P.JAGANMOHAN REDDY,J. -
(1.) In view of an apparent conflict between a Full Bench of the Madras High Court in Crompton Engineering Co., (Madras) Ltd. v. Chief Controlling Revenue Authority Madras, A.I.R. 1953 Madras 764 and a Full Bench of this Court in Midde Varaprasada Rao v. Collector of Krishna, 1959-2 Andh WR 102 : A.I.R. 1959 Andhra Pradesh 650 (FB) on the interpretation of Section 2(17) of the Indian Stamp Act as to what would constitute a mortgage within the meaning of that section, this case has been directed to be referred by a Division Bench of this Court consisting of one of us namely Basi Reddy, J. and Gopal Rao Ekbote, J., to a Full Bench of five Judges or more for resolving the conflict.
(2.) The facts in so far as they are relevant for the determination of the question are that the plaintiff had filed a money suit against the defendants for the price of articles supplied to Gande Chinniah, the pre-decessor-in-interest of the 1st and 2nd defendants for their family needs, which debt he acknowledged by a receipt dated 1-4-1963. This receipt was filed with the plaint, the translation whereof in English is as follows :
"Agreement executed by Gande Chinniah, son of Linganna, resident of Balkonda, Taluk Armoor, in favour of Hazori Gangaram, son of Anthaji, to the effect that from 16-6-1952 to 9-9-1962, principal amount Rs. 1397-7-0. This whole amount in respect of 'Khalli'. For this, I have given the key of my free will. Upon this, there can be no objection by me or by heirs. You can put another lock instead of the present one. After paying whole of the above amount, I shall take my key and letter back."
This document was attested by three witnesses. Evidently on the objections taken by the respondents an issue was raised as to whether this document constituted a mortgage within the meaning of Section 2(17) of the Stamp Act. The Court-fee Examiner of the High Court in the course of his examination of the documents filed in Court considered that the sale-receipt was a mortgage under Section 2(17) of the Act. The District Munsif, Armoor, heard the arguments of the learned advocates appearing on behalf of the parties and held that taking into consideration certain circumstances namely that the key of the house was delivered showing that there was delivery of possession that the predecessor-in-interest of the defendants had no objection of any kind and that the key would be handed over only on the repayment of the loan the document was a mortgage-deed as contemplated by Section 2(17) of the Stamp Act and was chargeable with stamp duty under Article 35 of the Act. The plaintiff was directed to pay Rs. 495 as penalty and stamp duty.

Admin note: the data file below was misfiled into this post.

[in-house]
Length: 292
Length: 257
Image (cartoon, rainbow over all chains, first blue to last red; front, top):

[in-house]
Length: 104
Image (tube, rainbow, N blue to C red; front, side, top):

(3.) The question in this revision petition is whether the suit document is a mortgage within the meaning of Section 2(17) of the Stamp Act. In order to determine this question it is necessary to examine the relevant provisions of the Stamp Act. It is denied by Mr. Jeevan Reddy, the learned Advocate for the petitioner, that under the document by whatever name it may be called, possession of specific immovable property was given which possession is to be retained by the plaintiff till the amount of debt due from the executant is discharged. There is little doubt that this document affects the transfer of an interest in immovable property of the value of Rs. 100 or upwards for the purpose of securing a debt and is, therefore, a mortgage within the meaning of Section 58 of the Transfer of Property Act and it would only be valid by executing a registered instrument signed by the mortgagor and attested by at least two witnesses as required under Section 59 of the Transfer of Property Act. While this is so, the question is whether this document is a mortgage-deed within the meaning of Section 2(17) of the Stamp Act which defines it as including "every instrument whereby, for the purpose of securing money advanced, or to be advanced, by way of loan, or an existing or future debt, or the performance of an engagement, one person transfers, or creates, to, or in favour of, another, a right over or in respect of specified property." It may, however, be noticed that while Section 58 and Section 59 of the Transfer of Property Act define what is a mortgage and how such a mortgage can be effected. Section 2(17) of the Stamp Act defines a mortgage-deed as such which implies that while under the Transfer of Property Act the requirements of a valid mortgage are set out the Stamp Act is only concerned with defining what a mortgage deed is, which ex facie need necessarily have the effect of creating a valid mortgage. We shall deal with this aspect of the matter in greater detail after we have referred to the two decisions cited in the order of reference. In A.I.R. 1953 Madras 764 a Full Bench of the Madras High Court was dealing with an unattested and unregistered document dated 22-3-1948, one of the clauses of which was construed as creating a mortgage over the borrower's floating assets, comprising specified immovable property, lands, buildings and premises bearing door No. 27. Tirrovottiyur High Road, Madras. In construing whether this document was a mortgage-deed, it was held by the Full Bench that the transfer provided in Section 2(17) of the Stamp Act is a transfer valid in law, and as there can be no transfer unless the requirements of Section 59 of the Transfer of Property Act are satisfied where the specified immoveable property is worth Rs. 100 or upwards, the document purporting to be a mortgage-deed of such property is liable to stamp duty where it is neither attested nor registered. Rajagopalan, J., speaking for the Court said that to ensure the validity of the instrument as a mortgage, attestation is made as much a part of the execution as the signature of the mortgagor. The contention of the Government Pleader in that cast was that on 29-5-1948, when the document was impounded under Section 33 of the Stamp Act, the time for effective registration of that document had expired. The Bench pointed out that the document was neither attested nor registered and the impounding authority could have enforced registration, and that in any case, it could cure the failure to attest, which by itself was enough to invalidate the document as an instrument of mortgage.;